Child; lead; poison; poisoning; paint; pencil ;
Lead is a metal which is found in many products and many places where people live and work. If lead gets into the body it can cause many long term health problems. Lead can affect the health of anybody, but some people are more at risk than others.
Pregnant women and unborn children, and children under four years are at a high risk if they are exposed to lead.
- If a woman has a lot of lead in her body, and if she does not have enough calcium, iron or zinc in her diet, she can pass lead to her unborn child, and also pass on lead when she breast feeds. High lead levels in a pregnant woman can lead to poor growth of the unborn baby, and sometimes a miscarriage
- High levels of lead in children under 4 years have been shown to contribute to learning problems, slowed growth (especially of the brain), poor hearing and some behaviour problems. Young children can be more affected by lead than older children or adults because:
- Their brain and nervous system are still developing.
- They absorb (take in) more lead if it is swallowed than adults do.
- Normal behaviours of young children (crawling, putting their hands and other objects into their mouths) means they are more likely to swallow lead if it is around in dust or in paint in their homes.
- Children tend to chew on things that are around them, and some children have got high levels of lead from chewing on the bars of old cots which had lead in the paint on them.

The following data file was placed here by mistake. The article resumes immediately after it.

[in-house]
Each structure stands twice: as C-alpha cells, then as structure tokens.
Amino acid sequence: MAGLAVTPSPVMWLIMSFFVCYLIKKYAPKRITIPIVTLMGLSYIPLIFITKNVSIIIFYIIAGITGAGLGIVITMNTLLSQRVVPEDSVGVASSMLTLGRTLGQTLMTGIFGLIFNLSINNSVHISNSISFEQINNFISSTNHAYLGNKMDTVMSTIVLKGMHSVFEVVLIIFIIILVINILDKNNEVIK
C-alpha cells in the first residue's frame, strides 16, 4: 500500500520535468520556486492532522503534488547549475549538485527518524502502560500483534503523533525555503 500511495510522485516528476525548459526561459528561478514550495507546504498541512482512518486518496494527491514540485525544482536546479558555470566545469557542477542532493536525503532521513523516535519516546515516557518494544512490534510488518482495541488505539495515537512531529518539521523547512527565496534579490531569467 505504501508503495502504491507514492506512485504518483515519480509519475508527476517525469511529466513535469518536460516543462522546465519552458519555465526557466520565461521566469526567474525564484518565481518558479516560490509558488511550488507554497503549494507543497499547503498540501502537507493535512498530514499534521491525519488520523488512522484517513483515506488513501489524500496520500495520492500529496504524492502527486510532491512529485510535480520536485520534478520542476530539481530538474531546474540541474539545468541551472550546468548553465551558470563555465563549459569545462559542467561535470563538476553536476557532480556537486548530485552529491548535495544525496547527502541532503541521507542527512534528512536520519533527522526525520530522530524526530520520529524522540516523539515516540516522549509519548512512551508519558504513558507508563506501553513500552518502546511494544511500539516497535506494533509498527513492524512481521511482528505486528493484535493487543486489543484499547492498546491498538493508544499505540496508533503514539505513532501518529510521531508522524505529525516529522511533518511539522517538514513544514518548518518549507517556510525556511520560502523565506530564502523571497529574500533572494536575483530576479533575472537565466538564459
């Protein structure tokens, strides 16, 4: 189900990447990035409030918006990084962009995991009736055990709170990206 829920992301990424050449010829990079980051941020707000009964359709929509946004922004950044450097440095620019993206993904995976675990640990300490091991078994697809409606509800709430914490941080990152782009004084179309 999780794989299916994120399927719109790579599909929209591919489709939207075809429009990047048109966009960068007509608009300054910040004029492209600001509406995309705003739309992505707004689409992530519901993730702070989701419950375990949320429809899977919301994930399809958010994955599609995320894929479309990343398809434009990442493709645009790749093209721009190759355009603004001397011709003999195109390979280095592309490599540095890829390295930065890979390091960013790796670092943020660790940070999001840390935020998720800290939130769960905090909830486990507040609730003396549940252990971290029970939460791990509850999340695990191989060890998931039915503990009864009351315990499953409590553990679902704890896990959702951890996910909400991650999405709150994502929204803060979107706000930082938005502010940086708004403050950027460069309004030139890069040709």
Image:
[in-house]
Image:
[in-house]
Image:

In older children and adults, lead can cause many symptoms including muscle pains, fatigue, irritability, abdominal (tummy) pains and if it is at a very high level it can cause paralysis, coma and death.
Some causes of lead poisoning
In nearly all admissions of children to hospital in Australia for treatment of lead poisoning the lead come from dust or paint flakes made during home renovations. Nearly all paint used before 1970 and some paints used after then contained lead. The house paint bought now has only a very small amount of lead or no lead in it. Some industrial paints still have lead in them and precautions need to be taken to protect the health of workers.
Children living near a lead smelter are at a higher risk of exposure, and in Port Pirie in South Australia this has been a problem.
For more information about lead poisoning, and preventing and treating lead poisoning:
- There is no lead in 'lead' pencils.
- The part of a 'lead' pencil that causes a mark is made of graphite, which is a form of carbon and does not cause any health problems.
The information on this site should not be used as an alternative to professional care. If you have a particular problem, see a doctor, or ring the Parent Helpline on 1300 364 100 (local call cost from anywhere in South Australia).
This topic may use 'he' and 'she' in turn - please change to suit your child's sex.